Business / Policy Watch

China's prudent monetary policy to continue

By Jiang Xueqing (China Daily) Updated: 2015-03-13 08:51

Flexible approach may be used as economic conditions warrant, central bank head says

China's prudent monetary policy to continue

Zhou Xiaochuan, governor of People's Bank of China, takes questions from journalists at home and abroad during an ongoing press conference on March 12, 2015. [Wei Xiaohao /]

China will not change its prudent monetary policy stance, but would consider adopting a more flexible approach by tilting it toward either a tighter or more easing direction, a top central bank official said on Thursday.

Zhou Xiaochuan, governor of the People's Bank of China, said at a news conference during the annual meeting of the country's top legislature: "The Chinese economy is facing a 'new normal', or a new stage of slower growth than the past few years. But a new normal is still a normal situation, not something special or problematic. So we don't need a new term to define our monetary policy."

He noted that the central bank recently used a number of monetary policy tools that the public is unfamiliar with, such as the standing lending facility, but the volume of liquidity released by each tool was not very huge compared with the size of the Chinese economy.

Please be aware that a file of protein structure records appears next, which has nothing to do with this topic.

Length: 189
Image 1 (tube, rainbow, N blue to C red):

"Although we used various monetary policy tools, the growth of broad M2 money supply is still moderate. It shows that our prudent monetary policy remains unchanged," he said.

Statistics released by the PBOC on Thursday showed that M2 rose 12.5 percent in February from a year ago, quickening from 10.8 percent in January, which was the weakest since 1998.

Chinese banks extended 1.02 trillion yuan ($162.9 billion) of new loans in February, well above market expectations. For the first two months combined, new lending rose to 2.49 trillion yuan, from 1.96 trillion yuan a year earlier.

Zhou said the central bank has tried to inject more capital into the areas of the economy where structural changes are mostly needed and it will take some time to see an increasingly positive effect of such policies. But he also said the public should not overestimate the impact of liquidity management and base money issuance on the adjustment of economic structure.

Qian Yingyi, dean of the School of Economics and Management at Tsinghua University, told China Daily there is no need for the central bank to ease its monetary policy unless new problems arise in the economy.

"People think monetary policy can work magic in stimulating the economy. But the monetary policy should not play this kind of role. What is more important is the overall economic restructuring, for which the monetary policy can provide a stable environment," said Qian who is also a member of the National Committee of the Chinese People's Political Consultative Conference.

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